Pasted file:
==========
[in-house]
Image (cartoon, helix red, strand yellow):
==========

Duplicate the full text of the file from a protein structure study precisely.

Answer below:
[in-house]
Image (cartoon, helix red, strand yellow):